Event Title

P-52 Effects of immunity on genetic divergence of measles and dengue viruses

Presenter Information

John Zdor, Andrews University

Location

Buller Hallway

Start Date

3-7-2014 2:30 PM

End Date

3-7-2014 4:00 PM

Description

Phylogenies capture biological change in lineages through time, and for pathogens, this change is shaped by interaction between the pathogen and its hosts. In this study, we explore both published and novel methods to quantitatively define the shape of phylogenetic trees from outbreaks of two human pathogens: measles virus and dengue virus. Although both viral infections are acute in the human host, they experience very different immune pressures. Virus sequences were obtained from GenBank and aligned in MUSCLE, and trees were constructed from genetically defined outbreaks using Bayesian methods. To compare tree shapes, we used published methods to approximate Sackin’s index as a measure of tree asymmetry and to detect the number of “cherries,” or tips in each tree that share common ancestors. In addition, we explored the use of a novel summary statistic to compare virus tree shapes. While in-host exposure to strong cross-immunity by measles virus versus partial immune enhancement of dengue virus results in qualitatively different tree shapes, we demonstrate how tree asymmetry due to immune pressure can be quantitatively defined by these methods.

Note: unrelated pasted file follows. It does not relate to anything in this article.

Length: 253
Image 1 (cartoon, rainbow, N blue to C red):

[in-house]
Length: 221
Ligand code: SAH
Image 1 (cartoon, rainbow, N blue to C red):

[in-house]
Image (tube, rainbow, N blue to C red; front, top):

Acknowledgments

Undergraduate Research Scholar

Advisor: Kanya Long, Biology

This document is currently not available here.

Share

COinS
 
Mar 7th, 2:30 PM Mar 7th, 4:00 PM

P-52 Effects of immunity on genetic divergence of measles and dengue viruses

Buller Hallway

Phylogenies capture biological change in lineages through time, and for pathogens, this change is shaped by interaction between the pathogen and its hosts. In this study, we explore both published and novel methods to quantitatively define the shape of phylogenetic trees from outbreaks of two human pathogens: measles virus and dengue virus. Although both viral infections are acute in the human host, they experience very different immune pressures. Virus sequences were obtained from GenBank and aligned in MUSCLE, and trees were constructed from genetically defined outbreaks using Bayesian methods. To compare tree shapes, we used published methods to approximate Sackin’s index as a measure of tree asymmetry and to detect the number of “cherries,” or tips in each tree that share common ancestors. In addition, we explored the use of a novel summary statistic to compare virus tree shapes. While in-host exposure to strong cross-immunity by measles virus versus partial immune enhancement of dengue virus results in qualitatively different tree shapes, we demonstrate how tree asymmetry due to immune pressure can be quantitatively defined by these methods.